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王世洲:Civil Procedure in China

A brief introduction of the autor
Prof.Dr Shizhou Wang (born 20 June 1953)studied at the Law Faculty of Peking University(1978-1985),where he received his LLB and his first LLM degree, and also at the Law School of the University of California at Berkeley, USA(1987-1988),where he received his second LLM degree. From 1994 to 1996, he worked on a research project as Alexsand-von-Humboldt Research Fellow in Max-Planck-Institute of Foreign and International Criminal Law in Freiburg and at the University of Augsburg, Germany. He has worked at the Law Faculty of Peking University since 1985 and is professor of Law & LLD Supervisor. Since 2007, he has been engaged as the Visiting Professor of Stanford University in the Beijing Program and of Huaqiao University. He is the arbitrator for the China International Economic and Trade Arbitration Commission(CIETAC)since 2013. He has published many books and articles in China and had many books and articles in china and had many publications and translations in English, German, Russian, Turkish, Korean, Japanese, Spanish or Chinese in the USA, German, Russian, Turkish, Korean, Japanese, Spanish or Chinese in the Chinese Taiwan, Spain and South America. Prof. Wang was the winner of the Humboldt Research Award in 2009 and has been the Ambassador Scientist for the Alexsand-von-Humboldt Foundation since 2011.

A brief introduction to the book
Derived from the renowned multi-volume International Encyclopaedia of Laws, this convenient volume provides comprehensive analysis of the legislation and rules that determine civil procedure and practice in China. Lawyers who handle transnational matters will appreciate the book’s clear explanation of distinct terminology and application of rules.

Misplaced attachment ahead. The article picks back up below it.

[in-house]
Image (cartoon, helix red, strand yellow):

The structure follows the classical chapters of a handbook on civil procedure: beginning with the judicial organization of the courts, jurisdiction issues, a discussion of the various actions and claims, and then moving to a review of the proceedings as such. These general chapters are followed by a discussion of the incidents during proceedings, the legal aid and legal costs, and the regulation of evidence. There are chapters on seizure for security and enforcement of judgments, and a final section on alternative dispute resolution. Facts are presented in such a way that readers who are unfamiliar with specific terms and concepts in varying contexts will fully grasp their meaning and significance.
Succinct, scholarly, and practical, this book will prove a valuable time-savings tool for business and legal professionals alike. Lawyers representing parties with interests in China will welcome this very useful guide, and academics and researchers will appreciate its comparative value as a contribution to the study of civil procedure in the international context.

 

Civil Procedure in China
Written by Shizhou Wang
Printed and Bound by CPI Group (UK) Ltd, Croydon, CRO 4YY.